Don’t Tell Doctors and Other Healthcare Experts What They Should Know or Should Do
It amazes me when I’m with salespeople who try to tell a doctor or other healthcare expert what he should know or should do. It’s intuitive for salespeople to do this, but they need to realize that too often, they’re just pissing off the customer. Let’s put this in perspective so you understand the dynamic that’s present.
You have a doctor or other healthcare professional. This person has gone through years of education and training. In the case of a physician, this is 12 or more years. Then there are the years of experience just practicing medicine. This person is “an expert” and perceives himself or herself as “an expert.”
Consider now, how this healthcare professional perceives a sales representative who is providing “advice.” Firstly, they see the salesperson as someone who benefits only when a sale is made. Therefore, they often believe that a salesperson will do or say anything to make a sale. Yes, the term “conflict of interest” comes to mind.
Even more glaring though, is the expertise gap. Doctors know that medical reps have not gone through 12 or more years of training to learn how to sell their products. The perception is that they went to company training for a few weeks, were handed a presentation binder or an iPad, and were given a script to present. In a healthcare provider’s mind, sales representatives might be experts on their products, but that’s about it. In other words, sales reps have neither the education, training, nor experience to tell an “expert” what they should be doing.
So, don’t! Healthcare experts doubt much of what salespeople tell them. However, those same healthcare experts believe everything that they say themselves. So stop telling doctors what you want them to know. Instead, ask questions, where their answers reveal what you want them to know. You can also share case studies and stories about their colleagues that impart information. The key thing is that the information isn’t perceived as your opinion. You might be a nice person. You might be well-trained. But in the eyes of the experts, you’re not one of them—you’re not qualified to tell them what to do.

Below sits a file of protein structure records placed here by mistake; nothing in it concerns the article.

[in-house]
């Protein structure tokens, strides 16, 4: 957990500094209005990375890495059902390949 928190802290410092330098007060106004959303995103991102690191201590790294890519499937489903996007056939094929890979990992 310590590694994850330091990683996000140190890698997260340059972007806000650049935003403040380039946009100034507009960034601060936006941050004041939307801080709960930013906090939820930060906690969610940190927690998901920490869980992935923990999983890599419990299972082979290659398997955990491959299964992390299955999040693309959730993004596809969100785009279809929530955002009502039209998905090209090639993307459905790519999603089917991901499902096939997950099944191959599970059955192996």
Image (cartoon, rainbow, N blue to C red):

Good selling is about helping customers to recognize your product or service as a solution. It often starts with helping them to see problems and opportunities that they may not recognize. Just stop rendering your opinions and using words like “should” when talking to experts. They don’t want to hear it from you. In fact, they resent it. But they don’t mind it when you position them as experts by asking focused, intelligent questions. Experts like it when people ask them good questions that make them feel like experts.
While all this seems intuitive as you read it, I encourage managers to ride along with their sales reps and observe what they’re doing. You’ll find that they’re telling a lot of experts what to do. Change this approach and you’ll start building better relationships with your customer-experts. Oh yeah…you’ll start seeing more sales as well.